Samsung Engineering's battered shares were slammed again on Thursday after the industry heavyweight announced a highly dilutive W1.2 trillion ($1.05 billion) rights issue to help it turn its struggling business around.
As Korea’s leading engineering, procurement and construction company, Samsung Engineering has relied on oil and gas engineering projects, particularly from the Middle East. But such orders have dried up of late as oil prices have sunk.
Samsung Engineering's share price ended the day down 18.8% at W25,900 as investors dumped the stock after news broke of the dilutive equity raise – the third-biggest rights issue in Asia this year.
The cash call on shareholders threatens to dilute their holdings by 49% based on the company's market capitalisation of W1.25 trillion ($1.1 billion) prior to the announcement, which is already a long way down from where it used to be.
Having hit an all-time high of W264,000 in 2011, giving it a market capitalisation of more than $10 billion, Samsung Engineering's share price has tumbled by more than 90% in the last four and a half years due to worsening business conditions and falling profitability.
In its earnings report for the quarter ended September 30, Samsung Engineering reported a 45.3% decline in new orders compared with the same period of last year. That resulted in a loss of W1.48 billion compared with a profit of W139 million in the same quarter of 2014.
Its order backlog also decreased by 21.4% year-on-year to W11.6 billion, equivalent to only 1.5 times its 2014 revenue.
"Falling oil prices have cast a cloud over overseas order prospects," Shinhan Investment analyst Park Sang-yeon said.
An attempt was made last year by the holding Samsung Group to strengthen the business by merging Samsung Engineering with Samsung Heavy Industries, Korea’s third largest shipbuilder.
Believed to have formed part of group chairman Lee Kun-hee’s succession plan, the merger would have created an industrial engineering powerhouse capable of providing both offshore and onshore solutions for clients, the companies said in a statement in September 2014.
However, the $2.5 billion deal was called off two months later because of opposition from key shareholders, including Korea Investment Trust Management and the National Pension Service.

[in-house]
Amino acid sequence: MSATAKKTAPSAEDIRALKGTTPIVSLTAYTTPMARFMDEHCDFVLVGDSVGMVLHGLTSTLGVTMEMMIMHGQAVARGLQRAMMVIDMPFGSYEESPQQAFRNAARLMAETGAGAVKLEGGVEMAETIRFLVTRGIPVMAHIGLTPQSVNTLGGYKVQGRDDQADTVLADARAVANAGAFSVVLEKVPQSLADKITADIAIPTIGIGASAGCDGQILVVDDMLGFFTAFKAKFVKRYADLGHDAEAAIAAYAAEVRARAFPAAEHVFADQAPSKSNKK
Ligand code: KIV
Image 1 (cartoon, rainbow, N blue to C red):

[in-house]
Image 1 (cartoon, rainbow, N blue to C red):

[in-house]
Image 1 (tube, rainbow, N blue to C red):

As a result Samsung Engineering will have to rely on restructuring internally to turn things around, although Samsung Heavy Industries's chief executive officer Park Dae-young has said that the company might yet revisit a merger in the future.
Samsung Engineering’s $1.05 billion rights issue is set to be the third-largest of its kind in Asia this year, according to data provider Dealogic. India's Tata Motors raised $1.2 billion in the biggest rights issue this year, followed by Haitong International Securities' $1.15 billion deal in Hong Kong.
The funds raised from the cash call will help Samsung Engineering to proceed with certain engineering projects that were halted because of funding issues. Last month, the company was forced to suspend a 1,320-megawatt coal-fired power plant project in Kazakhstan because it did not have sufficient funds to proceed, chief executive Park Jung-heum said.
As of the end of June, Samsung Engineering’s total holdings of cash and short-term investments were down 8.7% at W532 billion compared with six months earlier. Its debt ratio nonetheless improved slightly to 83.1% from 84.5% at the end of last year.
The company has also yet to announce the completion of a $2.95 billion natural gas project in Saudi Arabia. The project, which is Samsung Engineering’s largest single project by contract value, was originally expected to complete in June.
In spite of its sharp share price drop, Samsung Engineering's shares are still relatively pricey compared with those of its nearest peers, such has been decline in its earnings.
Based on its last close of W25,900, the company is valued at 46.7 times its latest reported annual earnings. By comparison, larger peers KEPCO Engineering and Hyundai Engineering are trading at 35.6 times and 10.2 times earnings, respectively.
In addition to the rights issue, Samsung Engineering has announced plans to sell its headquarters, which has a net asset value of $350 million, to strengthen its cash position. In the first six months of 2015 the company also reduced its workforce by 7.4% to cut costs.